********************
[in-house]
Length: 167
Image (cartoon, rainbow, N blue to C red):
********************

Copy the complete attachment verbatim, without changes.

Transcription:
[in-house]
Length: 167
Image (cartoon, rainbow, N blue to C red):